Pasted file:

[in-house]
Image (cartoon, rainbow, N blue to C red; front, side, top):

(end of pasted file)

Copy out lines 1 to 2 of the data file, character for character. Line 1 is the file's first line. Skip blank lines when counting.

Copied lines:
[in-house]
Image (cartoon, rainbow, N blue to C red; front, side, top):